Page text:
Jordan Horston, Tennessee

This is likely a little bit spicy, but there’s a real case to be made for Jordan Horston as the No. 2 prospect in the 2023 draft, ahead of Maryland’s Diamond Miller.

Horston is the Lady Vols’ offense engine; she runs a heavy dose of pick-and-roll with the ability to be multidimensional as a creator. She is slippery enough to split defenders, she can find a teammate on the short roll, rise into a mid-range pull-up or floater with incredible elevation and leverage her physical acumen as a rim finisher.

“Obviously as coaches, we try to practice and prep our players for the actions they are going to see in the game,” head coach Kellie Harper told The Next. “She’s seen a lot of different defenses with ball screens, whether it’s a hedge, switch, ice, over, under. I think the reps have helped her, but she has such a natural ability to react in those moments. I mean, she mentioned it, she does like to play a little slower and be able to anticipate and read what the defense is doing. Obviously, she can pull up and shoot jumpers, she can get to the basket, and find the open teammate.”

Horston has clear offensive limitations, given her well-below-average 3-point jumper. That prompts valid concerns with her ability to function off the ball, so it will be vital for her to provide value as a cutter from the weak side or through the wing — a play type that isn’t as frequent in her offensive role for Tennessee, but Horston displays promise in limited spurts.

On defense, Horston brings a lot of utility at 6’2. She’s switchable, uses her length and instincts to jump passing lanes, close out onto shooters, and defend at the rim.

“I can guard anybody,” Horston said. “I want to do what’s best for the team, whatever spot they need me to play, I’m going to play it and give it my all. But like I said, that vertical allows me to hang down there with the posts, and also defend smaller guards.”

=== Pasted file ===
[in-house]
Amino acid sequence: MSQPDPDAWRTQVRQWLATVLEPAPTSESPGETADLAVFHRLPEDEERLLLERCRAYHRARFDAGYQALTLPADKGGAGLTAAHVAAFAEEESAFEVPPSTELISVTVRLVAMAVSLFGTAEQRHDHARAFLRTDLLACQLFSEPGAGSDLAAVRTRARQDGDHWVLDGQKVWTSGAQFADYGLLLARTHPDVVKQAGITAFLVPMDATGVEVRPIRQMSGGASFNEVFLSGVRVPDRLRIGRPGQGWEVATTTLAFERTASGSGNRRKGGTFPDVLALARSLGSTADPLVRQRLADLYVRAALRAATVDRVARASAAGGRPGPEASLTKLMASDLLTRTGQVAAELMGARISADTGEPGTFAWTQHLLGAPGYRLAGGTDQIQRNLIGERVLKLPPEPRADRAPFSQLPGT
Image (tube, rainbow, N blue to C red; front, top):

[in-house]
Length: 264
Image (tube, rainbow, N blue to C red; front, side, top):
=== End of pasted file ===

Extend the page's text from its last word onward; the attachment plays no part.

Rickea Jackson, Tennessee

If there’s one thing Rickea Jackson can do, it’s get buckets. The 6’2 forward averaged 25.6 points on 50 percent shooting from the field across three games in the tournament.

Jackson is a fluid play finisher that can operate from the elbow, punish mismatches in the mid-range and finish at the rim at a 78.7 percent clip, ranking in the 98th percentile, according to CBB Analytics.

“Rickea is smooth, she plays that mid-range game as well as anyone,” Harper said. “Boy that mid-range is her sweet spot, you know, she can work ‘inside out’ or ‘outside in’ and I’ll tell you it’s pretty.”

The biggest question for Jackson’s translatability to the next level is weighing the functionality of her post-scoring when scaling down to a smaller role. Currently, her handle is overwhelming and she’s too hesitant of a shooter to generate closeouts from deep, but her mix of athleticism, two-point efficiency, and defense is a worthwhile mid-first-round selection in this year’s draft.

Written by Hunter Cruse

Hunter Cruse covers the Atlanta Dream and the WNBA Draft for The Next.

Leave a Comment

You must be logged in to post a comment.